MFC Under the Hood

Environment: Visual C++

Most of the time when you are creating a new MFC application,
you’ll start with the MFC App Wizard. The App Wizard generates a basic
skeleton application which you will flesh out into a full-fledged,
useful program.

Even the skeleton application you get from the App Wizard
contains a lot of very arcane looking code, and there’s a great deal
of hidden code as well. The purpose of this article is to demystify
some of that code. I’ll show you how to build a simple MFC application
without the App Wizard. By the time you are done, the mysterious
looking code that comes from the App Wizard will no longer be so
mysterious, and you’ll be better prepared to modify it to suit your
own purposes.

The hidden code first

Every 32 bit Windows application has two essential program elements:
WinMain and WndProc. Your program will have one
WinMain for the entire program, and one WndProc for each window in
the program. Although MFC creates these for you, you still need to
know a little about them.

WinMain is the function that starts your application. Once
your application is running, the Windows operating system will start
placing your application’s messages in a message queue. WinMain makes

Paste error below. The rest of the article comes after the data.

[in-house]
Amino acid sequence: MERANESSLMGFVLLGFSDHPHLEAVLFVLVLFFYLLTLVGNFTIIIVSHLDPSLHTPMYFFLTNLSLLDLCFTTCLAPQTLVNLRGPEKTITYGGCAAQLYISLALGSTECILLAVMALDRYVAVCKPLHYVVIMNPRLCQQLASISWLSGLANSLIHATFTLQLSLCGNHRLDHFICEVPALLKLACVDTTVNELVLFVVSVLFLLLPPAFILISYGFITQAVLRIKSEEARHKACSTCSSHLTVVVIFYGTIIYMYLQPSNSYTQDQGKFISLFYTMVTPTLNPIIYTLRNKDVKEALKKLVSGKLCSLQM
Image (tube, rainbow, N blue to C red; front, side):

three Windows API calls to get these messages from the operating
system and to process them. First it calls GetMessage to retrieve
a message. Then it calls TranslateMessage to perform any necessary
conversion of the message. Finally, WinMain calls DispatchMessage,
which tells the operating system to send the message to the appropriate
WndProc for handling.

Once WndProc receives a message, it looks through its message
handlers for instructions on what should be done with the message.
Your job as a Windows application programmer, it to write the handlers.

A Simple MFC Application: Less Than 20 Lines of Code

Next we’ll look at a simple, bare-bones MFC application.
MFC provides the WinMain and WndProc. We must provide an MFC-derived
application class and window management class.

Our application class will be derived from the MFC class CWinApp.
CWinApp provides all the member variables and functions to initialize,
start, run and close an application. CWinApp contains a pointer
called m_pMainWnd which will point to an object of our derived window
management class. Each MFC application has one and only one object of
derived directly from CWinApp. In the example below, that class is
called “CMyApp.”

Our window management class will be derived from CFrameWnd. CFrameWnd
has all the member variables and functions to create and manage windows.